Now, you may be thinking that Kate was shot because of Kazak but actually, it turns out that the shooting was just a random thing that happened.  Apparently, the shooter was trying to shoot someone else and Kate just happened to be in the wrong place at the wrong time.  So, we never find out who actually shot Kate and that really bothered me, as that seems to be kind of a huge plot point to bring up and then refuse to resolve.

Anyway, Kate meets a detective named Max Kirkpatrick (William Baldwin) and, soon, they’re on the run from Kazak’s assassins.  The majority of the film is made up of Max and Kate running from one location to another.  One thing that really bothered me was that literally everyone that Max and Kate talked to ended up getting killed just a few minutes later.  At one point, Kate flirts with a computer service expert to get him to help them out.  The scene is played for laughs but then, five minutes later, that same innocent technician guy is being brutally tortured by a bunch of Russians and, though we don’t see it happen, it’s safe to assume that he was eventually murdered by them.  And no point do Max or Kate appear to feel any guilt or concern about the number of innocent people who are killed just for associating with them.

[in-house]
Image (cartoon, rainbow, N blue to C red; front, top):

Anyway, Fair Game is a completely mindless film that has a rather nasty streak of sadism to it.  (I imagine, when this film was released, it probably set a record for close-ups of people getting shot and stabbed in the crotch.)  William Baldwin and Cindy Crawford both have perfect bodies and give totally wooden performances, which leads to them having a dimly-lit sex scene that is both physically hot and emotionally cold at the same time.

(I have no idea what entropy at absolute zero means but it sounds like a pretty good description of the chemistry between Cindy Crawford and William Baldwin in Fair Game.)

One good note: Salma Hayek has a small role as Max’s ex-girlfriend.  Whenever she shows up in the movie, she starts screaming at everyone.  I don’t blame her.

Fair Game

Previous Insomnia Files:

  1. Story of Mankind
  2. Stag
  3. Love Is A Gun
  4. Nina Takes A Lover
  5. Black Ice
  6. Frogs For Snakes


The Daily Grindhouse: Kiss Daddy Goodnight (dir by Peter Ily Huemer)